But there is a tension here and of course in JD also between acting and reality (Falconetti is not in fact Joan of Arc); also between an form that moves in time (dance or film) and one that is paused permanently in time (painting) for, lest we forget, we are actually looking at a painting, albeit one made with gesso, not paint per se. Here he uses matter much as, for example Manet, used stratagems of paint: to lure you in with apparent human contact and then push you back. Often, as has been remarked on, Manet will have a figure in his painting who looks back at you or beyond, Olympia and the barmaid of the Folies-Bergère all call us in with their eyes, attract us by their self-absorption, but the surface, especially the apparent incompletion of the face holds us back from immersion, reminds us this is nought but a painted surface. As Richard Wollhem has written “paintings that contain a spectator in the picture are potentially in deep trouble,” because we get absorbed in this human empathy, this illusory eye-to-eye contact, see it as story or empathetic experience and forget it is a painting. Like Manet Sciascia pulls you in and pushes you out again. But we should point out here that whereas Manet responded to the camera, Sciascia responds to the movie camera. This is a crucial distinction - if Sciascia’s work is a meditation on light, time and looking in Western Painting it is a twenty-first century mediation, one perceived not just through painting but through video, installation and such computer devices as Morfo.
The light seems to literally be in Falconetti’s eyes (and eyes often seem accentuated in his work - though on occasion teeth). This is what we expect: language is full of connections between eyes, light and life. We talk of eyes growing dim or bright with life. Indeed the light seems inside Falconetti, as though she was illumined from within. We talk of an “inner light” and the paintings seems to have this light within themselves, to be disclosing this light or letting this light seep out into the room or space we are in. This is of course one of the underpinning metaphors of painting, that it can contain light - we talk of “the light in Rembrandt or Caravaggio”. (Sciascia’s most explicit meditation on light in the Western painting tradition has been a set of thirteen paintings based on compositions by Caravaggio.) It is also a constant metaphor in poetry, that the eyes, especially those of a beautiful woman, or her lips are illuminated by an inner light, as for example when Dante asks “What is a smile if not a flashing out (corruscazione) of the soul’s delight, that is a light (lume) manifesting what is within).” The Feast II, viii, II1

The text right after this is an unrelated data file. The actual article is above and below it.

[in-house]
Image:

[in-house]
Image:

This light, or illusion of light, has much, of course, to do with how the paintings are made - with gesso - a material which keeps a cleaner more permanent white than paint. The inherent conceit in his paintings is that the light is behind or within this gesso. In his use of gesso he is close to the Belgian sculptor Lili Dujourie who has frequently used gesso likewise as a prima materia to suggest an uncanny stillness, as if folded garments have become ossified, frozen in time. It has a bone dryness when set that seems colder, harder and more permanent than paint. By mixing black into it is as though he is chasing shadows into this inert material. This emphasis on whiteness may recall the white monochromes of Piero Manzoni or Robert Ryman - or the “symphonies in white” of Whistler - though Sciascia’s intentions are very different. Perhaps more importantly they recall the folded white garments or drapery that is so lovingly painted in painters such as Caravaggio, Philip de Champaigne or Zurbaran. A whiteness that is often associated with meditation or spiritual exercise, often specifically of a mink or nun’s robe.
It is difficult not to see this experience of light, and of white, as religious, something Sciascia acknowledges in conversation though he adds that, “the most basic thing is dawn.” In English this sensation of there being a connection between the luminous and the numinous is perhaps most famously described by the poet Wordsworth who, writing fourteen years after the event tells of climbing a mountain in Wales before daybreak,